Posted in: Lawyers None

A judge in Myrtle Beach, a Nelson Mullins partner and an attorney for One80 Place in Charleston may not seem like three people who have a lot in common. Judge Jennifer Wilson, George Cauthen and Jeff Yungman all share one goal: help serve justice to all, including members of the homeless population in South Carolina.

The trio were instrumental in establishing homeless courts in our state, and their efforts have already made an impact far and wide. Cauthen and Wilson with consultation from Yungman recently detailed this journey in an SC Lawyer magazine article.

“Everyone involved from the South Carolina Supreme Court, American Bar Association, South Carolina Access to Justice Commission, local municipal courts, solicitors, public defenders, police departments, homeless shelters and homeless advocates have all been very flexible, very supportive,” Cauthen said when describing the support from the Palmetto State.

While the creation of homeless courts is still fresh in South Carolina, the reason these Bar members got involved goes back several years. In 2006, Yungman wrote a paper during his 3L year of law school, about the criminalization of homelessness and the need for a homeless court in Charleston. Cauthen has dedicated much of his professional career to giving back to the community. He has won awards from several state bars, chaired the pro bono committee at his firm and the SC Bar, and received the Order of the Palmetto in 2003 for his pro bono work. Wilson saw the need first hand in her courtroom.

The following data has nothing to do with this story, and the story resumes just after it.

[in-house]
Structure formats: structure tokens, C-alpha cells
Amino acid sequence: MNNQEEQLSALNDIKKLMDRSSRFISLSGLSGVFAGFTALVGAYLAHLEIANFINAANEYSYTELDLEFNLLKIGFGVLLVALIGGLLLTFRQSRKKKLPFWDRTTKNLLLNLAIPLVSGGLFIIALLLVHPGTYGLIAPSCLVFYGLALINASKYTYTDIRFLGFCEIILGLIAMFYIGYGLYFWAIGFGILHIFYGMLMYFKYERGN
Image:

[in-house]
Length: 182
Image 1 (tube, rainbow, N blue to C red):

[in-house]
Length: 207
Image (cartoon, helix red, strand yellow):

Right now there are homeless courts in Charleston, Columbia and Myrtle Beach. After Richland County, Horry County has the highest homeless population in South Carolina.

“This is such a relevant system,” Wilson said. “More and more people can be put in the situation where they become homeless. A lot of people are two paychecks away from it happening to them.”

The future of homeless courts can go one of two ways. Either the homeless population keeps rising and the number of courts increase, or how people are criminalized changes.

“Homeless Courts should not have to exist,” said Yungman. “They were only created in response to the misguided efforts by municipalities to criminalize behaviors that people who are homeless are at times forced to perform due to their living situation.”

While fighting for justice for all, Wilson, Cauthen and Yungman still find time to travel nationwide to help states form their own versions of homeless courts. If you’re interested in volunteering for homeless courts or more information, email George Cauthen at